“You’ll say we’ve got nothing in common
No common ground to start from
And we’re falling apart
You say the world has come between us
Our lives have come between us
Still I know you just don’t care…
So what now? It’s plain to see we’re over”–Deep Blue Something, “Breakfast at Tiffany’s”
Reliably, right when discontent with selectively-enforced lockdowns and the collapsed fake economy was approaching a boiling point, the media lapdogs dutifully stepped in with a pair of incidents meant to distract from the real issues at hand and continue to stoke Black racial grievances and anti-White sentiment. I’ll admit, I do not know all the details nor am I here to weigh in on exactly what happened, as the specifics vary even though they generally adhere to a specific formula: The vast majority of the time, the White (or “White Hispanic” as the case may be) perpetrator or perpetrators is/are being railroaded for an incident taken out of context and wildly distorted by the media, be it edited 911 calls, conveniently neglecting to report that there were the two other people who complied with the police officers and did not resist and were thusly not beaten, or claims of leisurely jogs in work boots cut short in a hail of White bullets. It is the narrative archetype, its function, and its timing that are important to understand, not whether the media lies and pre-programmed “activists” like LeBron James start whining on Twitter. That is a given.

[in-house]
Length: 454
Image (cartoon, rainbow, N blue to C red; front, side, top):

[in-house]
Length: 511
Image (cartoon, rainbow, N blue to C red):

As Jean Raspail wrote, “The important thing about oppression, if you’re going to keep it panting in the public eye without killing it outright, is to make sure there’s plenty of variety.” So the narrative and the course of events follow a predictable pattern while the details and the specifics change just enough that it feels novel if you’ve been sufficiently programmed, which unfortunately a huge number of people have been, through various mechanisms including but not limited to the media. The narrative supersedes all facts; in fact, the narrative usually exists in direct opposition to the facts.
Myself and others have spilled a lot of ink over the consequences of the manufactured coronavirus that got away from the Chinese lab operating with significant US funding, including the sudden evaporation of tens of millions of jobs, the consequences of the outsourcing of virtually all industry, cavalier governance and insider trading, and the fact that the US military will not accept anyone in the future who’s contracted the coronavirus, which leads to some rather uncomfortable questions that are beyond the purview of this piece. Most crucially, however, all of these aspects are of a piece, and they add up to the exposure of just how fragile the neo-liberal system is and what mechanisms function to continue its predominance. Americans are rightly furious, and the distractions are necessary to pull attention away from gross malfeasance and the fact that the government itself exists to do the bidding of the capitalist class. This has been the case for over a century, but the rendering of America into a portfolio asset has intensified with the commitment to neo-liberalism and the erosion and often erasure of points of resistance, both within the government and the general population. Much of this lies with the importation of millions of proxies, but many average Americans have also been indoctrinated, and the general default to squishy liberalism and crony capitalism as a given is a major issue. Any premise that starts with liberalism and especially neo-liberal economics as its baseline is doomed to fail.